Basically: The world-famous detective Benoit Blanc is invited to a murder mystery weekend with a bunch of influential friends—but the game turns out to be more serious than everyone thinks…
I have to admit I’ve never watched Knives Out completely; I only saw a few minutes of it and didn’t have time to finish. So when I had the opportunity to see Glass Onion: A Knives Out Mystery at its LA premiere, I liked going into it fresh. People underestimate how free it feels to watch a film without knowing anything about it beforehand.
Premieres are not my bag because I’m just trying just to see the film and only care about the art (imagine the most pretentious art critic voice and re-read what I just typed). But the event had all the pomp and circumstance you’d expect with molded plastic light boxes of the Glass Onion logo glowing all over the place. The cast was all dressed well, getting interviewed on the red carpet. And sitting in the Academy Museum Theater watching director Rian Johnson introduce the film gave it a nice amount of magic.
Glass Onion is about a “genius” billionaire named Miles Bron (Edward Norton) who’s modeled in the vein of the current Twitter-buying tech mogul we live with today. Miles sends a set of unique puzzle boxes to his close circle of friends. These upper-crust folks are very influential in society. They are all invited to Miles’ private island in Greece to engage in a special murder mystery party for their annual get-together.
The core group is Kathryn Hahn as Claire Debella, the governor of Connecticut who’s running for the US Senate, Leslie Odom Jr. as Lionel Toussaint, Miles’ number 2 in his corporation, Dave Bautista as Duke Cody, a manosphere influencer and content creator, and Kate Hudson as Birdie Jay, a former supermodel/fashion designer. These folks are joined by Birdie’s assistant Peg (Jessica Henwick) and Duke’s girlfriend Whiskey (Madelyn Cline). There are two big surprises to this group who joins this getaway, Janelle Monáe’s Andi Brand, Miles’ former partner who essentially got kicked out of the circle, and Daniel Craig’s Benoit Blanc, the famous southern detective who somehow gets a puzzle box, which is the first mystery of many.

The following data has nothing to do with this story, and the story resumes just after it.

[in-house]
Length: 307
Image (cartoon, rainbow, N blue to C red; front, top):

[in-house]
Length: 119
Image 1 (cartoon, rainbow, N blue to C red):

The look of Glass Onion is beautiful—in a way, setting a film on a Greek island is a cheat code but even then, the shots, color, and lighting are all great. The actors look good on the screen, and their costumes all harmonize with the production design and composition of the images in the frame. They say a film is made in the editing room and, man, the editing is great and builds the mystery. The way in which the story unravels flows because of how it’s all edited together. Each reaction, each movement, and each look is shown and then shown again from another viewpoint—the editing makes it all work.
Rian Johnson really knocked it out of the park—Glass Onion is expertly crafted. I’ve loved almost all of Johnson’s films since Brick, and Glass Onion has made me want to watch the first Knives Out. It seems Johnson started something a few years ago, bringing the whodunnit back into favor within Hollywood. We’ve seen more pop up after its huge success.
The cast has amazing chemistry and fantastic comedic timing. Each of the actors gets time to make fully realized characters but Janelle Monáe is the star of this film for me. Craig is the star-star as Blanc, of course, but Monáe is electrifying as Andi every time she’s on screen. She gets to do so much in bringing this character to life. It’s the best showcase of her ability since Moonlight. Oh yeah, and it’s so much fun to see Daniel Craig have fun in films like this versus being James Bond or even starring in other dramas. His southern American accent is just the right amount of over-the-top. It doesn’t get tired or annoying, it adds so much to the character and is primarily tied to the mannerisms and expressions Craig gives Blanc. Craig and Monáe’s scenes together are just wonderful.
Now I could write more but I’ll just say: See Glass Onion in the theaters if you can and, of course, take some time to watch it on Netflix in December. And you don’t need to have watched the first Knives Out to enjoy Glass Onion—just go and watch this fantastic film.
In the End: Glass Onion: A Knives Out Mystery is an S-tier modern whodunnit mystery with great direction and excellent performances. One of the most fulfilling film-going experiences I’ve seen this year.